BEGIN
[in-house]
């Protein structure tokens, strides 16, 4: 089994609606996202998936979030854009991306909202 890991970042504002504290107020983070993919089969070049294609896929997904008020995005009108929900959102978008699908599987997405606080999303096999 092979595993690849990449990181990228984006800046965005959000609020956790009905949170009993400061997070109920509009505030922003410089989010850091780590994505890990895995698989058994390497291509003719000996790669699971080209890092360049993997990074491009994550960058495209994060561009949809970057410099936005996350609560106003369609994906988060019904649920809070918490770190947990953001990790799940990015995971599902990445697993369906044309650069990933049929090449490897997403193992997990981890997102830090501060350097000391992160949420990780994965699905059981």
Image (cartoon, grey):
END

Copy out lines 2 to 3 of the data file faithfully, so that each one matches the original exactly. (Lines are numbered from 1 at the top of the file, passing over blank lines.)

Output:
């Protein structure tokens, strides 16, 4: 089994609606996202998936979030854009991306909202 890991970042504002504290107020983070993919089969070049294609896929997904008020995005009108929900959102978008699908599987997405606080999303096999 092979595993690849990449990181990228984006800046965005959000609020956790009905949170009993400061997070109920509009505030922003410089989010850091780590994505890990895995698989058994390497291509003719000996790669699971080209890092360049993997990074491009994550960058495209994060561009949809970057410099936005996350609560106003369609994906988060019904649920809070918490770190947990953001990790799940990015995971599902990445697993369906044309650069990933049929090449490897997403193992997990981890997102830090501060350097000391992160949420990780994965699905059981």
Image (cartoon, grey):